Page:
Full of Bees

Bees bees, the magical fruit

65,332 notes

rhetoricallyradical:

sapphirebones:

uplifted-chaos:

thenimbus:

citadelbloodbeard:

x-oskeleton:

One of my favorite things out there, hands down. I’m in love with the style and music score, gives me chills every time.

That was gorgeous.

I got goosebumps when the violin came into play.

Fucking amazing work.

This is the entire point of human existence, and that is terrifying.

this is the saddest thing ever 

Oh my god this is perfect

(via letitbear)

Filed under p sure I've reblogged this before but it's super fab and creepy video

144,775 notes

vanconcastiel:

ganjaginga:

for-tobacco-use-only:

gameandwatch:

aight look i’ve been playing the flute for ten goddamn years. i can play this without the beatboxing. i can beatbox. but the air capacity required to do this well literally nearly knocked me out. this dude has either gotta be an aerobic superstar or have lungs the size of a small elephant’s

Holy fuck

lmfao he just goes off

*shows this to music school friends*

(Source: adrians, via birdsquirrel)

Filed under lemonyandbeatrice frau patillo would be so upset video

0 notes

when you can’t tell if the game you’re playing is actually setting up a lesbian relationship or if you’re just setting yourself up for heartbreak

29,859 notes

blacksteelgajeel:

novel about a morally grey pirate captain who is cursed to die within 5 years for stealing some forbidden treasure, and only giving her heart to someone and expecting nothing back can break the curse

but rather than go on some journey to find some true love or whatever, she decides to use her last years to travel the seas with her crew and collect treasure and drink and be merry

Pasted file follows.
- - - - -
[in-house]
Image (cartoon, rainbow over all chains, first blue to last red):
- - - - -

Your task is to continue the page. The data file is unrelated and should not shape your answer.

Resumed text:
and on the day of reckoning, she is falling more and more ill, and her crew gather all around her to say goodbye to their captain when suddenly the curse is broken. because she gave her whole heart to her ship and her crew, and expected nothing back.

(via seananmcguire)

726 notes

Too often, accessibility is considered an add-on to an event or space, rather than an integral part. It’s assumed that it’s only necessary to provide access if someone asks for it; and of course, no one asks, because everyone assumes it isn’t and won’t be provided. Announcements typically don’t provide information about what kinds of accommodations will be available, and people who are tired and stressed out don’t want to have to call to get information and then cross their fingers in the hopes that ‘accessibility’ means the same thing to the person on the other end of the line as it does to the caller; the migraineur calling to find out about video content isn’t just concerned, for example, about flashes that might trigger seizures in people with epilepsy.

Access is an add-on, it’s something special, and it’s something remarkable. In this sense, it becomes a way of singling out people who aren’t normative; ‘ah, you’re the one who needs the sign language interpreter.’ ‘I see you’re using a wheelchair.’ It is another reminder that a shared space is not truly shared, because some people are in it by tolerance only, and it would be easy to take that tolerance away and exclude them from the space. When accommodations are something special, they draw attention to the people who need them.